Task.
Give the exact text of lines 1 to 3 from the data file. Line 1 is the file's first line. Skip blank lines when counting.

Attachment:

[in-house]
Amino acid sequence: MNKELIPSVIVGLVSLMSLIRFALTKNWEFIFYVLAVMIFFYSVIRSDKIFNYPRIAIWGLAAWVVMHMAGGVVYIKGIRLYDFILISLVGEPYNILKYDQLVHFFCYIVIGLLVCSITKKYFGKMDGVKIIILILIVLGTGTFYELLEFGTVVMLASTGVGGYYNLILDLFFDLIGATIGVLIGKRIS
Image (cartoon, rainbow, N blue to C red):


[in-house]
Amino acid sequence: MNKELIPSVIVGLVSLMSLIRFALTKNWEFIFYVLAVMIFFYSVIRSDKIFNYPRIAIWGLAAWVVMHMAGGVVYIKGIRLYDFILISLVGEPYNILKYDQLVHFFCYIVIGLLVCSITKKYFGKMDGVKIIILILIVLGTGTFYELLEFGTVVMLASTGVGGYYNLILDLFFDLIGATIGVLIGKRIS
Image (cartoon, rainbow, N blue to C red):